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L. Matteucci and M. C. Nucci

Abstract

Rheumatoid arthritis is an autoimmune disease of unknown etiology that manifests as a persistent inammatory syn- ovitis and eventually destroys the joints. The immune system recognizes synovial cells as not self and consequently causes lymphocyte and antibody proliferation that is promoted by the pro-inammatory cytokines, the most significant being tumor necrosis factor TNF-. In the treatment of rheumatoid arthritis either monoclonal antibodies or soluble receptors are used to neutralize the TNF- bioactivity, such as sTNFR2, Etanercept and Iniximab. In [M. Jit et al. Rheumatology 2005;44:323- 331] a mathematical model that represents the TNF-dynamics in the inamed synovial joint within which locally produced TNF-_ can bind to cell-surface receptors was proposed. It consists of four coupled ordinary differential equations, that were integrated numerically assuming a range of estimates of the key parameters. In this paper we complement the previous work by determining the general solution of those equations for speci_c conditions on the parameters. Then we characterize the behavior of TNF- in the presence of different inhibitors and also evaluate the inhibitors effectiveness in the treatment of rheumatoid arthritis.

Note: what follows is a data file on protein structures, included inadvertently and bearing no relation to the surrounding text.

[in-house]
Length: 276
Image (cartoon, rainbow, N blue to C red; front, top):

Open access

Annalisa Pascarella and Francesca Pitolli

Abstract

The MagnetoEncephaloGraphy (MEG) has gained great interest in neurorehabilitation training due to its high temporal resolution. The challenge is to localize the active regions of the brain in a fast and accurate way. In this paper we use an inversion method based on random spatial sampling to solve the real-time MEG inverse problem. Several numerical tests on synthetic but realistic data show that the method takes just a few hundredths of a second on a laptop to produce an accurate map of the electric activity inside the brain. Moreover, it requires very little memory storage. For these reasons the random sampling method is particularly attractive in real-time MEG applications.

Open access

Giacomo Aletti, Davide Lonardoni, Giovanni Naldi and Thierry Nieus

Abstract